Mindfulness is a deliberate way of paying attention in a particular way without judgement, so if distressing thoughts flow in then they are accepted but not allowed to incur a negative performance spiral downwards. This changes the focus away from being in a ‘doing-state’ towards more of a ‘being-state’. Psychology knows that to be in this state is conducive towards slowing down time, developing personal growth strengths, improving relationships with loved ones and peers and enhancing your behaviour and attitude due to managing limiting thoughts and deep emotional states towards your actions.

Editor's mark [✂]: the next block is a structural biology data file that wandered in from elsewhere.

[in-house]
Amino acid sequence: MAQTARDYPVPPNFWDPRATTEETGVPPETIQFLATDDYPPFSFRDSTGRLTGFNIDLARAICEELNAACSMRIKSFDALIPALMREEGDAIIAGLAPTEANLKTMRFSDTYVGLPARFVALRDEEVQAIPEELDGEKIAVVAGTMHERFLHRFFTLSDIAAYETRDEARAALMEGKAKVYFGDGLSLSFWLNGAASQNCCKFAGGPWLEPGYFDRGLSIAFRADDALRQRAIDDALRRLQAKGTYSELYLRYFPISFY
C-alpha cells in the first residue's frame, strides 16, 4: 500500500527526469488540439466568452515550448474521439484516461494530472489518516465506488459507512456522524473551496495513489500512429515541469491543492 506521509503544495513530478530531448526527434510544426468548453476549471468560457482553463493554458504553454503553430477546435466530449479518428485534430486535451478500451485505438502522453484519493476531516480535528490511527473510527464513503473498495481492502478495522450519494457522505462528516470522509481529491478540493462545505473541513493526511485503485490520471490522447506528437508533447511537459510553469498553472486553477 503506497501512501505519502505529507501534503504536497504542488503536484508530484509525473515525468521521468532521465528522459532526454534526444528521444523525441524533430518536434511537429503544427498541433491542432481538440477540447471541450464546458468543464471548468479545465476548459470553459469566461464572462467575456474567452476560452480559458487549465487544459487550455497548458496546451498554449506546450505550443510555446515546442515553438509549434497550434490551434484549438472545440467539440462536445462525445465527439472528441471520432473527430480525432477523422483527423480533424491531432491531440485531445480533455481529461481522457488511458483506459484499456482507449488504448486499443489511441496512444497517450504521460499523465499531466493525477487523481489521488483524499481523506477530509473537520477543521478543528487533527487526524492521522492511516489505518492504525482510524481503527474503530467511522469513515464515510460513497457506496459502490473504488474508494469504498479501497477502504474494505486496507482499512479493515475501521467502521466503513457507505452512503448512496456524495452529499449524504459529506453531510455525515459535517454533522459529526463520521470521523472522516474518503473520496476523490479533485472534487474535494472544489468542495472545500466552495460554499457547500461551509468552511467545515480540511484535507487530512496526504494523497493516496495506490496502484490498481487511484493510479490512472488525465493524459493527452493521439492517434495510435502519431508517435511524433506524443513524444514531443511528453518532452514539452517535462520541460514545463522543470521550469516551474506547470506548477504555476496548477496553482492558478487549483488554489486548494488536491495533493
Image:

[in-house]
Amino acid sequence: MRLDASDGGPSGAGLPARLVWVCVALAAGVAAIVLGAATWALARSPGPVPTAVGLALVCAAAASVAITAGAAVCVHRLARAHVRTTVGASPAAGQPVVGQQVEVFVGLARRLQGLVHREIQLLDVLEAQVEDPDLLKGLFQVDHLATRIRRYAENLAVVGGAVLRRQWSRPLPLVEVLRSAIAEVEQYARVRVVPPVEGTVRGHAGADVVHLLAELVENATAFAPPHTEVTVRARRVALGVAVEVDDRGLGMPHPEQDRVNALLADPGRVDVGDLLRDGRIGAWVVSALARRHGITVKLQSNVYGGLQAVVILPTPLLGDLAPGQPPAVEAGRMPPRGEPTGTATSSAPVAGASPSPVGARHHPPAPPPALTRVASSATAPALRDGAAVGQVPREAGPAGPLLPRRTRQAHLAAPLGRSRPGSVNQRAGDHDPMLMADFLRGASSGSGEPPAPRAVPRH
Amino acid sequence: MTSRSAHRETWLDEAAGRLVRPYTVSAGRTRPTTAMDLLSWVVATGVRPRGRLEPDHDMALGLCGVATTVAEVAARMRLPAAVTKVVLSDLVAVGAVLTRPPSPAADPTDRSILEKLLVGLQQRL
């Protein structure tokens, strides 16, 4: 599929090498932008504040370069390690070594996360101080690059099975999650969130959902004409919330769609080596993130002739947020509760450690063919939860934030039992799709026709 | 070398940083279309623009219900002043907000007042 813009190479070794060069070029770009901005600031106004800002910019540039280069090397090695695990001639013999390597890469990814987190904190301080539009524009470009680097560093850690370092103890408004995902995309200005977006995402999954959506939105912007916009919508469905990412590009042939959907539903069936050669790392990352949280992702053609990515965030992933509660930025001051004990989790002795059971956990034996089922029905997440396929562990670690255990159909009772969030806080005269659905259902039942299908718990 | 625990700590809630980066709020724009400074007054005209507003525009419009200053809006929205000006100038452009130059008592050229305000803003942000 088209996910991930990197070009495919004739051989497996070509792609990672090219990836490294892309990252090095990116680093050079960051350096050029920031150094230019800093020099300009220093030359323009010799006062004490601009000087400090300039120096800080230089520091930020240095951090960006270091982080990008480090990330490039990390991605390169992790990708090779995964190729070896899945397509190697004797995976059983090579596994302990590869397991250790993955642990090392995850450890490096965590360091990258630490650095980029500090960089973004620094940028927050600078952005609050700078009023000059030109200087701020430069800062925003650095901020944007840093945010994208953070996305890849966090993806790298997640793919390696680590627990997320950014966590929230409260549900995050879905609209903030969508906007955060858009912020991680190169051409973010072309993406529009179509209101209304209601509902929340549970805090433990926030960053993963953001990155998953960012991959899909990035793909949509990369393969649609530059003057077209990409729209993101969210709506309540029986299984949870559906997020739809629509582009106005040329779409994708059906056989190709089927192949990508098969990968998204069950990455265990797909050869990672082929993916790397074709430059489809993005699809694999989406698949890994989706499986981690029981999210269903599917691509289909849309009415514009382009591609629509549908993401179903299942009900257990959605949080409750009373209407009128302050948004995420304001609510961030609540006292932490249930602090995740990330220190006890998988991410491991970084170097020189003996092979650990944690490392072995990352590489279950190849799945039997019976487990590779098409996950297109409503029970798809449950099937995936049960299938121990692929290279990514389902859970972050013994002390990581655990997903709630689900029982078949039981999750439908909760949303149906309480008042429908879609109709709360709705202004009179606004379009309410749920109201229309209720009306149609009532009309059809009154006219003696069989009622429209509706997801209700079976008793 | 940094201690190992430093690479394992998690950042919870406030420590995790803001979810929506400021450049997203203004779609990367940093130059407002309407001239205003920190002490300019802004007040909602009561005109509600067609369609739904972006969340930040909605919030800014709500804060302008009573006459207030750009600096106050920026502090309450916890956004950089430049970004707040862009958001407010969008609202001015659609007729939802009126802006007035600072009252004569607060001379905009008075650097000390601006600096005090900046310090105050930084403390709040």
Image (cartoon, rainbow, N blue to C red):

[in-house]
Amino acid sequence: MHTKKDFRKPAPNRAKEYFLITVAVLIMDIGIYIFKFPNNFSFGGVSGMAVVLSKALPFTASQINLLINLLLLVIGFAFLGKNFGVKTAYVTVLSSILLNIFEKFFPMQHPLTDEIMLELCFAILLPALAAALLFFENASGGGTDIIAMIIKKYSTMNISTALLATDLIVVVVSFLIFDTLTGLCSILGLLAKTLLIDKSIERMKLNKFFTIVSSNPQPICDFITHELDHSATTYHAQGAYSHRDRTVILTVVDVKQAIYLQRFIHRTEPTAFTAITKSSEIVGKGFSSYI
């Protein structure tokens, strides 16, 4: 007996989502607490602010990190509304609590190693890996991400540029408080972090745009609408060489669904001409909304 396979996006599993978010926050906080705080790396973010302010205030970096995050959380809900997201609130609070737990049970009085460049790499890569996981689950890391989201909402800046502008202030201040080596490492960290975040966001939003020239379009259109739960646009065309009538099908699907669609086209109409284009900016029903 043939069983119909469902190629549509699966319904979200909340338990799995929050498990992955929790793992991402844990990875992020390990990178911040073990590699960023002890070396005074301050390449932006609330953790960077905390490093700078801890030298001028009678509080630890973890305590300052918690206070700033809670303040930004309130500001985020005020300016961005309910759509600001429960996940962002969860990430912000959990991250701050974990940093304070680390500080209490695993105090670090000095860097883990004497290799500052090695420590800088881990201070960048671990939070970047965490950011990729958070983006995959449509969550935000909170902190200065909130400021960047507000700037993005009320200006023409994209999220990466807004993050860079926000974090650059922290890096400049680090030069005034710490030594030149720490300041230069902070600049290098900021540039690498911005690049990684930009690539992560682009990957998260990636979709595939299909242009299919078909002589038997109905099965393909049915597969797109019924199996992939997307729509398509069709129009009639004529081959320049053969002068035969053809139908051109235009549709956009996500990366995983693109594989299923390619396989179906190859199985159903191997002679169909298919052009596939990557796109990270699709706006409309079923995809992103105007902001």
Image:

The beauty with the technique is the simplicity of it. It can be practiced anywhere and at anytime by focusing upon the breath or other bodily sensations. If thoughts cross the mind they are not judged and dealt with then but can be accepted and postponed to another non mindful time. Once the thoughts are parked then the subject returns to the object of focus. There is no special equipment or places required in which to practice.
Mental Health has accepted that mindfulness has become one of its hottest topics as research has shown that it increases happiness and well being as reported in the Journal of Clinical Psychology, it is being prescribed by Doctors as an alternative to medication and is on the recommended list of NICE (National Institute of Clinical Excellence).